The walk out of the mountains and into Wushan City on the river was downhill and easy. The sun was shining. In fact, it was one of those days when the sun will boil your brain juices if you don’t wear a hat.
A constant stream of motorcycle riders passed me going up and down the road, looking for fares, and they all stopped beside me, trying to get me to ride down to Wushan for two yuan. They could not understand why I would walk in the heat rather than climb on the back. But I explained about Noel Coward and they nodded and drove away.
I was walking in the mountains about three weeks after the huge Sichuan earthquake, and asked people I met if they had felt it. The answer was yes, but from their description, the impact on this region about 500 kilometers due east of the epicenter was about the same as in Beijing and Shanghai. The mountains of the Yangtze gorges region are on the other side of the Sichuan basin. If an earthquake the size of the Sichuan one hit close to the Three Gorges Dam, it would surely have been in great danger, and the prospect of all that water surging east is frightening. But the region is not earthquake prone, I was told. Famous last words.
So I entered Wushan, which is a huge town of several hundred thousand people, perched on the mountains above the river-lake. All the buildings are new or new-ish, built after the decision was made to flood the old town, now gone under the water.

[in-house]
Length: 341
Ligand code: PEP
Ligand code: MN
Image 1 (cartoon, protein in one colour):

It is one of the steepest towns I have ever been to, with cliff-like streets, endless steps, and the best minivan drivers in China. They can really work the gears on the hills as they climb up or fly down the slopes. It is best to close your eyes. Unlike just about anywhere else in China I have been, almost all the minivan taxi drivers are girls, presumably because all the guys are migrant workers elsewhere.
Karaoke is big in Wushan, as is getting blindingly drunk on baijiu and staggering around in the dark. There are also public dancing exercises for the non-baijiu drinkers. On the main square in the center of town every evening, hundreds of people, mostly women, gather and arrange themselves in lines, all facing the same direction and perform vaguely Taiqi-like movements and undulations in time to appalling and very loud Chinese disco music. They pay RMB30 (US$4.30) for a year’s right to join the lines any night they want, and most of them looked like hardcore regular undulators.